Japan is bolstering its submarine fleet strength, introducing some of the most advanced and undetectable vessels to its flotilla to stay ahead of China.

On Monday, Japan’s Ministry of Defense was presented with the Hakugei, the second vessel of the Taigei-class diesel-electric submarines, from Kawasaki Heavy Industries. This submarine is outfitted with lithium-ion batteries, allowing it to stay submerged for extended periods and run silently.

The history of Japan’s submarines is fascinating. During the Pacific War, Japanese submarines were responsible for sinking two US aircraft carriers and damaging several other ships. Japan started the war with 63 ocean-going submarines and grew its fleet to 111 during the war. According to the US Naval Institute, the Imperial Japanese Navy developed the submarine faster than any other country. By World War II’s beginning, Japan possessed one of the world’s most powerful submarine fleets. As part of the attack on Pearl Harbor on December 7, 1941, five Type A midget submarines were sent to surround Oahu and sink ships. After the war, Japan continued to step up its submarine development.

The Japanese submarine force was integral to their strategy during World War II. They used their submarines to launch surprise attacks against Allied forces to gain an advantage in battle. The Japanese also used their submarines to transport supplies and personnel to distant locations without being detected by Allied forces. In addition, they employed their submarines as reconnaissance vessels to gather intelligence on enemy movements and activities.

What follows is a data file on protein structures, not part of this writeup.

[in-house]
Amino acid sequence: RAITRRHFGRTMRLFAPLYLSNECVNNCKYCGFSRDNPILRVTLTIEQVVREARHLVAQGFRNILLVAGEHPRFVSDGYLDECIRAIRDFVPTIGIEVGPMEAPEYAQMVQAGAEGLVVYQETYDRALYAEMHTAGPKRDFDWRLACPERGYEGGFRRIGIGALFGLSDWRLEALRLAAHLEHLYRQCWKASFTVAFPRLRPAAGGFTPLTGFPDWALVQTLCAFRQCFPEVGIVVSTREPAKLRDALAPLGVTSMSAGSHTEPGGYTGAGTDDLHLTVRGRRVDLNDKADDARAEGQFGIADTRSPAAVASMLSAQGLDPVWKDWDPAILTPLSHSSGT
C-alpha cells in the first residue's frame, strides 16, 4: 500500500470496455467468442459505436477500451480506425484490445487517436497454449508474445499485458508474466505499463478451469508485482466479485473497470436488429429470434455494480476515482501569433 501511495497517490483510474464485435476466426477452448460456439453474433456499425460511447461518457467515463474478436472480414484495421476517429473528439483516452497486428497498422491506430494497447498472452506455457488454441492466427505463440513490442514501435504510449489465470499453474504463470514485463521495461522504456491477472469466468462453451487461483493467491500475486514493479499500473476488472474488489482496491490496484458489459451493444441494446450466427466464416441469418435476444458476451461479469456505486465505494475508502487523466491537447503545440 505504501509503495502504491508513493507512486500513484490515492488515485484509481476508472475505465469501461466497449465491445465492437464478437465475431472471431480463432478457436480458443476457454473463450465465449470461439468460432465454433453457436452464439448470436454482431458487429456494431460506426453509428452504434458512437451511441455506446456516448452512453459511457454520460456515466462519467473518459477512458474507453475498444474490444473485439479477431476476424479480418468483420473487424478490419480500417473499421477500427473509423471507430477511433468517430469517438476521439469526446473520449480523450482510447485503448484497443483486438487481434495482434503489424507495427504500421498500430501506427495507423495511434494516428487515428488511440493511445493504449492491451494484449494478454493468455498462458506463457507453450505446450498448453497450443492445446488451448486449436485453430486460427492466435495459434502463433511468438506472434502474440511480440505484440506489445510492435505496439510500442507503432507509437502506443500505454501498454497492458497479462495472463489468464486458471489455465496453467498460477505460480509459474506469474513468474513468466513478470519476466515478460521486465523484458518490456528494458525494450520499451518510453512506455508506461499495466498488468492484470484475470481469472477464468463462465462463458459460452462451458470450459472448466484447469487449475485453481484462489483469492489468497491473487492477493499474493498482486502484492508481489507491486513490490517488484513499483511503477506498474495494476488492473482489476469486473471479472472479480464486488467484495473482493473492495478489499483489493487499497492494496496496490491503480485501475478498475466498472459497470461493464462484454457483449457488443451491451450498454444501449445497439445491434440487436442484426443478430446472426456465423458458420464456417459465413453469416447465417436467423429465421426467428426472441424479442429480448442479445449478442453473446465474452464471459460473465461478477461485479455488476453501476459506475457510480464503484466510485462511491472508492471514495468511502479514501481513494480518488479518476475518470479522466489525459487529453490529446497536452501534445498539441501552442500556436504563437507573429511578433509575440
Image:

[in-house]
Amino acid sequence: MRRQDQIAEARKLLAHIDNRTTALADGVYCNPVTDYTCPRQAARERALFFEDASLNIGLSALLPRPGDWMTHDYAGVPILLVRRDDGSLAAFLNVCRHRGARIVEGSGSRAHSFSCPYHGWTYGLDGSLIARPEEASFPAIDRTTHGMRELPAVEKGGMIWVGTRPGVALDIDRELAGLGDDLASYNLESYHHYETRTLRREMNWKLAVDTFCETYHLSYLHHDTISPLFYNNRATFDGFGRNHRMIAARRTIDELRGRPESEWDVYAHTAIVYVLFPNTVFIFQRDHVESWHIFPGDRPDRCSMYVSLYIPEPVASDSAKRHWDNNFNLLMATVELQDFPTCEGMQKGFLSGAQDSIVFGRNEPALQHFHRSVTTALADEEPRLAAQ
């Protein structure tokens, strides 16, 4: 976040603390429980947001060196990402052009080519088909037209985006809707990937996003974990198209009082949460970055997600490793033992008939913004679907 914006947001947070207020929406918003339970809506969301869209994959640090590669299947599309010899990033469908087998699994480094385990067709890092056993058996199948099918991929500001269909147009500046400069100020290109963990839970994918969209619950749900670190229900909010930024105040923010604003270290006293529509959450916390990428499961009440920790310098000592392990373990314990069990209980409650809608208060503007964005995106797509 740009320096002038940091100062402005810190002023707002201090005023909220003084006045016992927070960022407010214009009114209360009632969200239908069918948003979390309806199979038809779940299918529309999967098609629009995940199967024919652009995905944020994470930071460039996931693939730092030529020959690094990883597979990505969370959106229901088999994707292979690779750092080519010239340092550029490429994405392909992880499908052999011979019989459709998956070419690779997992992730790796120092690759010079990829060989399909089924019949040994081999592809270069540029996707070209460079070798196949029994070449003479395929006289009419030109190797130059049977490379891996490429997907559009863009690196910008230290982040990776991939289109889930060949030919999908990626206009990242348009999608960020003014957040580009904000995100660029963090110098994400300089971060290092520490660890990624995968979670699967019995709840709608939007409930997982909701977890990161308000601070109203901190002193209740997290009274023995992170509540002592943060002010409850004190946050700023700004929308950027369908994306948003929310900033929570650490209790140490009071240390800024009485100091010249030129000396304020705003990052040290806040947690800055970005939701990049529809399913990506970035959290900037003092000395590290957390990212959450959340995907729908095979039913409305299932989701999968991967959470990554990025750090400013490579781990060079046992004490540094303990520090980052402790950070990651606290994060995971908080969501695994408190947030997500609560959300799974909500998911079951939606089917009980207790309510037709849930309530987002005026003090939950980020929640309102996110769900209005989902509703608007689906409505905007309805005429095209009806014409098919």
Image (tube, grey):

The effectiveness of Japanese submarines during World War II was primarily due to their advanced technology and tactics. Their torpedoes were more effective than those used by Allied forces, allowing them to target ships more effectively from greater distances. Furthermore, Japanese submariners had arguably superior training to their Allied counterparts, which allowed them to operate more efficiently underwater and remain undetected for longer periods.

Despite having some advantages over Allied forces, Japanese submarines suffered significant losses during World War II due to technological limitations and strategic errors made by military commanders. For example, many Japanese submarines lacked radar systems, making it challenging to detect enemy vessels before they could be attacked or destroyed by Allied forces. Additionally, some commanders should have considered factors such as weather conditions when planning operations, resulting in costly mistakes that cost lives and resources.